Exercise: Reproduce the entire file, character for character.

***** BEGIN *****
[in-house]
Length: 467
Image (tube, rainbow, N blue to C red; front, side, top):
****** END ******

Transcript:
[in-house]
Length: 467
Image (tube, rainbow, N blue to C red; front, side, top):